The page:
Ellie Sherwood writes: “Heathlands Village is a care home in Prestwich, Manchester that accommodates the religious and cultural needs of people of the Jewish faith; however, they also accept residents of other faiths or no faith. Various musicians from the 2012/13 and 2013/14 cohort of students in the Michael Kahan Kapelye have been visiting Heathlands for the past two years, and have performed in several of the evening reminiscence sessions that take place at the care home. These reminiscence sessions are led by Charles Bloom, a volunteer at the Manchester Jewish Museum, who has a lot of experience of leading performances that allow older people to remember past events such as weddings and Bar and Bat Mitzvahs. The live music provided by the klezmer musicians enhances the reminiscence sessions, as residents at the care home are reminded of popular tunes that would have been played at the celebrations they regularly attended throughout their lifetime. The atmosphere of the sessions are always lively and positive, and many of the residents often get up to dance during the live performance.
With an increasing amount of research showing the positive influence of music on individuals with Alzheimer’s disease, these klezmer performances at Heathlands are a significant and important part of the klezmer activity in Manchester. The live music enables residents to experience their past in a creative and positive way, and the fun and enjoyment of listening and dancing to klezmer music is shared by all who attend the reminiscence sessions.”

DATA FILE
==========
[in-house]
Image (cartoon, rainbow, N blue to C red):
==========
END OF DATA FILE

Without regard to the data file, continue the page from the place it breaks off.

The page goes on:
Lucie Phillips adds: “Giving it back is important not only as a sign of gratitude to those who have inspired us in life but because music is an integral part of community and health that sometimes gets forgotten later in life in healthcare settings. By playing the appropriate music in, for example, dementia care homes music can:
- help rid the confusion of this disease from someone, if only for a few minutes or seconds; music can stimulate the brain so that Alzheimer’s sufferers can remember again for a short while after;
- fill a void with enjoyment and companionship;
- be the only thing that still makes sense.
While science is still trying to find out why, the evidence clearly presents itself in real living people. Where there is so much isolation for dementia patients, music can cultivate community and collectivity through sharing music sessions and concerts. This doesn’t just animate residents, but brings such joy to staff and family members too, which renders the act of giving it back, through music in this case, evermore significant. We know music cannot cure alone but it certainly helps keep the soul living until the very end.”